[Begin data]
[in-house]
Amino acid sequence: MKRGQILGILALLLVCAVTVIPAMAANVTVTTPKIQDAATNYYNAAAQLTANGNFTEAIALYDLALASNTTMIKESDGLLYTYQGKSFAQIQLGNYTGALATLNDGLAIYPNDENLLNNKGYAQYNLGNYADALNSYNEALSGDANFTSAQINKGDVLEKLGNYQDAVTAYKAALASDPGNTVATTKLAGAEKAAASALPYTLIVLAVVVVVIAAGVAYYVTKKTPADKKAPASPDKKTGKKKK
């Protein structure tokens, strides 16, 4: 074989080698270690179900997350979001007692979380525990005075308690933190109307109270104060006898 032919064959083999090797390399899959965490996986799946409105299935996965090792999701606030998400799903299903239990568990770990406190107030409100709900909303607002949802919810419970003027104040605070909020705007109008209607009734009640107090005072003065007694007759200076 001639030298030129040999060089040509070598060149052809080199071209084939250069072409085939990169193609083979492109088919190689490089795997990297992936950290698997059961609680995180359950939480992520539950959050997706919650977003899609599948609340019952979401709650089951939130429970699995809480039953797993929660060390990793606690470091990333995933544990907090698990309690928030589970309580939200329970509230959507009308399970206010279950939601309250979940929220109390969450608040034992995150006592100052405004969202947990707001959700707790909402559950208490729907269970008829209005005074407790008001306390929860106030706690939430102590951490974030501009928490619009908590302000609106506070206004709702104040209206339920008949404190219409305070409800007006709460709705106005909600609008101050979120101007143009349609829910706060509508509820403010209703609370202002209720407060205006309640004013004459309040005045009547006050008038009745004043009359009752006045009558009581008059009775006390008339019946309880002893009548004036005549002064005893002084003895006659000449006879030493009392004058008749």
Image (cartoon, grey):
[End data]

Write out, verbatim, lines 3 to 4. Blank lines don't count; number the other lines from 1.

């Protein structure tokens, strides 16, 4: 074989080698270690179900997350979001007692979380525990005075308690933190109307109270104060006898 032919064959083999090797390399899959965490996986799946409105299935996965090792999701606030998400799903299903239990568990770990406190107030409100709900909303607002949802919810419970003027104040605070909020705007109008209607009734009640107090005072003065007694007759200076 001639030298030129040999060089040509070598060149052809080199071209084939250069072409085939990169193609083979492109088919190689490089795997990297992936950290698997059961609680995180359950939480992520539950959050997706919650977003899609599948609340019952979401709650089951939130429970699995809480039953797993929660060390990793606690470091990333995933544990907090698990309690928030589970309580939200329970509230959507009308399970206010279950939601309250979940929220109390969450608040034992995150006592100052405004969202947990707001959700707790909402559950208490729907269970008829209005005074407790008001306390929860106030706690939430102590951490974030501009928490619009908590302000609106506070206004709702104040209206339920008949404190219409305070409800007006709460709705106005909600609008101050979120101007143009349609829910706060509508509820403010209703609370202002209720407060205006309640004013004459309040005045009547006050008038009745004043009359009752006045009558009581008059009775006390008339019946309880002893009548004036005549002064005893002084003895006659000449006879030493009392004058008749």
Image (cartoon, grey):